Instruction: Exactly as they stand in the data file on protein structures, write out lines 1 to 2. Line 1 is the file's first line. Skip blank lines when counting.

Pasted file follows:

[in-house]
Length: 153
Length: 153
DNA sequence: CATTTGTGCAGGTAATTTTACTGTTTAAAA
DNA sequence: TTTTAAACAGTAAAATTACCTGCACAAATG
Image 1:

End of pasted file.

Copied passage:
[in-house]
Length: 153